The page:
A Stokes interview is a second marriage green card interview. Typically, there is only one final interview with a U.S. Adjudications officer at the end of the green card application process.
A Stokes interview is scheduled when the officer suspects fraud or does not believe that your marriage is genuine and authentic. The purpose is to uncover couples who married for the sole motive of obtaining permanent residency.
Generally, a Stokes interview is scheduled when something occurs during your initial interview that makes the adjudications officer believe your marriage is not real. Some specific things that could make the officer suspicious include:
While it is unlikely that anyone of these issues standing alone would trigger a Stokes interview, it will be a red flag during your initial interview if you are also missing paperwork, have inconsistencies in the documents you do submit, or lack confidence in answering basic questions about your marital life.
The Stokes interview is a more intense interview in which the adjudications officer asks questions of the married couple and looks for inconsistencies in their answers.
During a Stokes interview:
In general, the questions asked by the adjudications officer will be more probing than those asked during the initial marriage visa interview. The questions can include such things as:
Asking you specific questions like the color of the rug in a certain room of your house might seem extreme and unfair. But you need to anticipate these types of questions because the adjudications officer is suspicious and will be looking for proof that your marriage is not real.
While one inconsistent answer may not result in your visa application being denied, it is important to be as prepared as possible for as many questions as you can be. See our article on the most common Stokes interview questions.
The most consequential mistake you can make during a Stokes interview is guessing at the answer to a question. Once you guess at an answer to a question, you increase the chance that your spouse will provide an inconsistent answer.
EXAMPLE: Suppose the adjudications officer asks you the color of the bathroom rug? You believe its blue or brown, but you do not know. You now have a choice to make:
The worst possible choice is guessing at the color of the rug. If your spouse provides a different color when answering the question, it will be a clear discrepancy that the adjudications officer will hold against you. You have essentially created an inconsistency that would have not existed had you just answered the question honestly.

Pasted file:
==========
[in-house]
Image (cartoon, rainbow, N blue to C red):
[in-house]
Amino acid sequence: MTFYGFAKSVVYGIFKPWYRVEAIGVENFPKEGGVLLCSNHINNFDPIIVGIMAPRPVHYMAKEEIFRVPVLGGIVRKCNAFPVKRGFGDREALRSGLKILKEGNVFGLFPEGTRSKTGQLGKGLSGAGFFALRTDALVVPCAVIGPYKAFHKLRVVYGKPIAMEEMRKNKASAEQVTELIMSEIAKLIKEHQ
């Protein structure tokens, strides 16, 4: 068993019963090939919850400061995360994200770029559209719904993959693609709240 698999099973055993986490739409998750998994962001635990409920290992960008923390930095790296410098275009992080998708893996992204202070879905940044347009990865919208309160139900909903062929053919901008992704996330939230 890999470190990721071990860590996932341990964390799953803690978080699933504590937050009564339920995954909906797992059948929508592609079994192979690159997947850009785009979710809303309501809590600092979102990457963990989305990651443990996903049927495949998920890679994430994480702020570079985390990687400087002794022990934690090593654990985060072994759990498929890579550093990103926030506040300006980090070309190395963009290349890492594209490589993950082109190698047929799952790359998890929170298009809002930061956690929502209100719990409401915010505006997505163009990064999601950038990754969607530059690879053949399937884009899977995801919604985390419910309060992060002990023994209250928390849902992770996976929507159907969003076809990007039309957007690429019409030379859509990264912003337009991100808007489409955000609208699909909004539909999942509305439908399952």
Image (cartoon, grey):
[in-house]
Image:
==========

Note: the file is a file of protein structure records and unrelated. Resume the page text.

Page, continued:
Remember, it is doubtful that being unable to answer one or two questions, especially when it comes to the color of a rug, will result in your application being denied. Inconsistent statements, on the other hand, can create an inference that you and your spouse are being untruthful, and this will always count against you.
Similarly, do not be pressured into committing to an answer when you are not sure of the answer. Being honest is always your best strategy.
EXAMPLE: Suppose the adjudications officer asks you the color of the bathroom rug. You say that you are not certain of the color but believe that it is blue or brown. The officer, however, persists and asks whether it is more likely that the color is blue. Do not fall into this trap. If you are genuinely unsure of the rug’s color, simply state that you are sorry but that you cannot remember the specific color of the rug.
Do not hold back, however, if you can provide a partial answer to the question, so long as you are not guessing. A little information, if accurate, is better than no information at all.
EXAMPLE: Suppose the adjudications officer asks you when your spouse last spoke to his parents. You cannot remember when the conversation occurred, but you do remember that your spouse last spoke to his parents on his mobile phone using the Whats App Messenger. If you are certain of this, there is nothing wrong with sharing it with the adjudications officer. If your spouse gives an answer that involves the WhatsApp Messenger, the officer will recognize you have some recollection of your spouse calling his parents, which is something that married couples normally know about each other.
Do not lose sight of your overall goal: you are simply trying to prove that your marriage is genuine and authenticate and that you are a bona fide married couple. Often, providing some accurate information to a question is better than nothing at all.
Being honest and never guessing at the answer to a question are the most important things you can do. Other than that, you should:
At the end of the day, the Stokes interview does not have to be the end of the road when it comes to becoming a permanent U.S. resident. Look at it as another opportunity to show the adjudications officer that your application should be accepted. With a little preparation, the Stokes interview will just be another hurdle that you overcome on the way to your life in the United States.
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